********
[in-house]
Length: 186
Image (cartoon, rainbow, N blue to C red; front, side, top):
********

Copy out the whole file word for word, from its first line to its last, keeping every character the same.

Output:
[in-house]
Length: 186
Image (cartoon, rainbow, N blue to C red; front, side, top):